FRC Kickoff marks the beginning of the design and build season. Teams have the opportunity to network, compare notes, share ideas, make friends, find mentoring teams, and gear up for the exciting competition season. Kickoff is the first time that FRC teams learn the design challenge that they’ll navigate for the next 12+ weeks. Teams pick up their new control systems and prepare for the wild season ahead.
This year New York City FIRST will host two Kickoff locations:
On September 26 & 27th at the New York Hall of Science you’ll be able to take it all in with over 200 presentations across 8 stages on topics such as fashion and wearables, robotics, Young Makers, health science and technologies, drones, 3D printing, makerspaces, education, electronics, and much more. There will be something for everyone as we’ve carefully selected content for Makers of all ages, interests, and skill levels.
NYC FIRST® Hosts 15th Annual Robotics Competition at Javits Center Leading Up to World Championship Tournament
More than 160 teams of New York tri-state and international students (ages 6-18) and their handmade robots will be put to the test at the NYC FIRST® 15th Annual Robotics NYC Regional Competition & Expo – the highly-anticipated three-day event where students will vie for the chance to move on to the FIRST World Championship Tournament in St. Louis. The stakes are much higher this year as several defending champions will return to compete for their coveted titles.
Inventor and FIRST® Founder Dean Kamen launched the 2015 FIRST® Robotics Competition (FRC®) season on January 3, 2015 with the Kickoff of a new robotics game called RECYCLE RUSHSM. Nearly 75,000 high-school students on approximately 3,000 teams at 107 venues around the globe joined the 2015 Kickoff via live Comcast NBCUniversal broadcast.
RECYCLE RUSHSM is a recycling-themed game played by two Alliances of three robots each. Robots score points by stacking totes on scoring platforms, capping those stacks with recycling containers, and properly disposing of pool noodles, representing litter. In keeping with the recycling theme of the game, all game pieces used are reusable or recyclable by teams in their home locations or by FIRST at the end of the season.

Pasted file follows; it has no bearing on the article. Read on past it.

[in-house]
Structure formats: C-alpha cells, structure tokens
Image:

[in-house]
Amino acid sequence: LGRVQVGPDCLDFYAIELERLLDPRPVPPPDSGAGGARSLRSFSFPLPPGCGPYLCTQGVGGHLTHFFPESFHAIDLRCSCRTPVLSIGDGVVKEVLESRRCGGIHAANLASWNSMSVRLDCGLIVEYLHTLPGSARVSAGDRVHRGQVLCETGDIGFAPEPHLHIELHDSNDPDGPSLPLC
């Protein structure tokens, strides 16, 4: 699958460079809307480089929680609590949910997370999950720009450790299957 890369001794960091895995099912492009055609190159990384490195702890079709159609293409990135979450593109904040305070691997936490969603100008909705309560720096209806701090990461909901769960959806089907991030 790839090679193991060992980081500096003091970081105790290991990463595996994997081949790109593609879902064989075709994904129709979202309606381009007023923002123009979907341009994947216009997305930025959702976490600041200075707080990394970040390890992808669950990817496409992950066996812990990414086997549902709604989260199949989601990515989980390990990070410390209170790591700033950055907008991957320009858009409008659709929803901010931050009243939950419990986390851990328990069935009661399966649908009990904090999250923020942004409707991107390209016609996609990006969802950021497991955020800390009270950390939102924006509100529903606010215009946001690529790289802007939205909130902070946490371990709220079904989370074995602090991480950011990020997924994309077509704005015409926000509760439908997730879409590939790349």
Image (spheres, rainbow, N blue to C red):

It was pretty easy to pick up on The RoHawks’ excitement on Stop Build Day. There were no panicked rushing and pressure for fixing the last piece. Instead, it was a night of lively discussion, fun practice and tasty pizza.
When I joined, the team was talking about the robot’s name. Assistant Principal, Lisa Siegmann, explained this was, “in part to honor the founding teacher at HCHS who scraped together the very first RoHawks team four years ago, math teacher Ms. Carolyn Mayadas who passed away this fall.” After this sweet tribute, I talked to the students about their season.
“What’s really awesome is it’s actually a complete robot. Everything about it works. Everything about it can play the game,” said co-captain Axel. Rachel, their other captain noted, “in the past we’ve been nowhere near this point with the robot on stop build day and working until midnight, tweaking things and not feeling fully confident about them.”
What made this year so different? The captains explained how the team implemented a much more structured process with the build. “Generally we say this works and start making it. The year we dedicated a couple of weeks to making prototypes,” said Axel. After the team continued to evaluate and improve until they had a final prototype a few weeks back. Then starting from scratch, they made a concerted process to CAD and document what they did.
The team also followed a KISS – Keep It Simple Students – approach. Rachel said, “I feel really confident about this robot because it’s all the things that a robot should be. It’s simple. The design has only two mechanisms that work really nicely together.”
Noah, a senior in his 3rd year at FIRST and the lead programmer, echoed this point. “Last year we tried to do too much. This year was about making everything simple and elegant. We about talked about driving and there was more thought ahead of time about how to we want to set this up for the driver.” One great benefit of this approach is a sonar mechanism they have built on the robot. Using color coded lights, the driver will be able to tell the best place to shoot.